- Locke in LOST
- Sara Sidle of CSI: Crime Scene Investigation.
- Stargate SG-1: Daniel Jackson has this as a part of his backstory. Specifically, his parents were killed in a freak accident (which he witnessed) when he was about eight years old, and his only living relative was his maternal grandfather, who refused to take him in because he felt he was too busy to raise a child. Beyond this, the details are unclear — we don't know how his relationships with his foster families were — but based on his relationships later in life he never considered himself to have a family until his team stepped in and filled that role.
- Orphan Black: Sarah and Felix were raised by Mrs. S., Sarah after being an orphan brought in from... "the black."
- The Listener: Toby Logan.
- Ricky from The Secret Life of the American Teenager is a foster kid, but he has very loving and supportive foster parents and he even refers to them as his mom and dad.
- A recurring character type in Home and Away, mainly with members of Sally's family. The inverse also occurred fairly early on, when original character Lynn Davenport left to rejoin her biological parents.
- Rusty Beck in Major Crimes is put in the custody of the protagonist herself after threatening to run away from his latest set of foster parents.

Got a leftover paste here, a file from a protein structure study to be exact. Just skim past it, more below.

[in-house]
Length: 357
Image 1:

Rusty: They were telling me what to do all day long, like, even what I could eat! And they would turn off the television at nine o'clock. Every night.
Sharon: So...you were tortured.
- Hunter on the US version of Queer as Folk: played straight before Hunter ever appears on the show; apparently he ran away from a foster home because he was abused there. He's eventually taken in by Michael and Ben and seems to be happy there, but then this trope is inverted when his mother (who originally lost custody of him because she used drugs and forced him into prostitution) shows up and wants him back, and actually gets custody. Then she screws it up before they've even left the courtroom, by freaking out when she learns that Hunter is HIV-positive, and promptly loses custody again, to Michael and Ben who officially become Hunter's foster parents. From then on, this trope is averted and at the very end of the series, they offer to adopt him when they notice that he's been using their last names on his school books.
- NCIS: Los Angeles has Callen who had been to no less than 37 foster homes over the course of his life.
- Diagnosis: Murder: In later episodes, Dr. Amanda Bentley adopted a child named Dion, who had been abused by his previous foster parents. Dr. Bentley herself was a foster child who was Happily Adopted. A bit of Truth in Television, as actress Victoria Rowell was also a foster child.
- Kate, and presumably many of the other Chimera, in Yosh!
- Red in Reds Planet. The foster home is not bad, she's just adament that she doesn't need to be adopted, because she's not an orphan. She also thinks that she has unlimited license to run away. The sheriff breaks it to her that after the third time, they won't just dump her in another home.